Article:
Eric Prydz is fond of big statements. His new album is not-so-subtly titled Opus and its 19 tracks — most of which pulse with military grade, bunker-busting power — stretch out over two hours. (Though this is actually relatively slim compared to 2012’s 37-track deluxe edition of Eric Prydz Presents Pryda.) The Swedish DJ touched down at Terminal 5 in Manhattan Saturday night on his Epic 4.0 tour and he was armed with awe-inspiring sounds and wondrous visuals needed to back up that title.
Prdyz’s biggest moment in the mainstream is still his very first single, 2004’s “Call On Me,” a cheerfully delirious track that leaned heavily on French touch signifiers. But the music he’s made in the last decade — under his own name, or the titles Pryda or Cirez D — has little relation to that initial breakthrough.
Opus, at once brutal and extravagant, is more representative of this artist’s style. The clipped, driving beats have much in common with ’80s rock, especially the drums favored by artists like Peter Gabriel and Phil Collins, which landed with back-breaking force but dissipated immediately, leaving no echoes to indicate there brutish passage. On top of these rhythms, Prydz layers melodies on keyboard or synthesizer, crafting architectural structures of impressive beauty — grand and symmetrical, they always resolve in pleasing ways. A song like “Collider” suggests nothing so much as invincibility. Taken in at home, all at once, Opus can be alternately exhilarating and exhausting. Stretches of the record sound the same, then one of his melodies takes an unexpected turn, and a feeling of astonishment returns.
At Terminal 5, Prydz played several songs from the new album. He pushed the organ solo in “Floj” past the point of baroque — it suddenly sounded as if he was leading mass in a 12th century cathedral — then proceeded to blow it away with a bass line that had the consistency of half-melted concrete. “Trubble” seemed to hint at an ancient struggle, as synth arpeggios launched the song skyward and deep surges of low-end fought to pull it back to earth.
Prydz also drew from his well of vocal anthems, collaborations with active-tense one-word titles: “Generate,” “Liberate.” These are not the strongest tracks on Opus — the vocals often feel anonymous and the instrumentals tend to deferential — but they reliably ignite a crowd at a venue like Terminal 5: everyone likes to chant sweet, escapist nothings. The DJ offset the synth-heavy passages with lengthy rhythmic workouts. These bare-bones assaults often followed the same rule, predictable but effective, as he gradually arranged his arsenal of drum sounds into syncopated, sternum-crushing patterns.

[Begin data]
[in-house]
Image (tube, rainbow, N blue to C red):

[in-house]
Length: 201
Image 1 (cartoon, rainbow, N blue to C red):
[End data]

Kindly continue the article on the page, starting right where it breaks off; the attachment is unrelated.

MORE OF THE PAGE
The spare techno sections had a stern rigor which contrasted with the colorful, inventive visuals. Prydz DJ’d from inside a four-walled cage and each wall became a screen that flashed simple geometric patterns (spindly lines, concentric squares) or video graphics depicting lightning storms or journeys through the asteroid belt. These were entrancing enough that Prydz didn’t even need to trigger his laser display until about an hour into his set.
But more stunning was an image generator that projected 3-D graphics at the center of Prydz’s cube, providing endless satisfaction for the crowd. At one point, a whirling tornado materialized above one of his turntables; the gleaming face mask that adorns the cover of Opus sometimes rotated above the DJ, as did an assortment of pleasing geometric structures: spheres inscribed in cubes, orbs that assembled and reassembled in front of astounded eyes.
Prydz ended the night the same way he ends his album, with “Opus,” a remarkable track that earned a public remix request from Four Tet — a very different sort of dance floor savant who favors vinyl and does not have Prydz’s arena-filling capabilities. “Opus” starts slowly and picks up speed. A galloping rhythm finally crashes in around 3:45 and the remainder of the track is a maelstrom of tension and release. Each time the beat returns seems more marvelous than the last. Even after a night full of big statements, it still felt huge.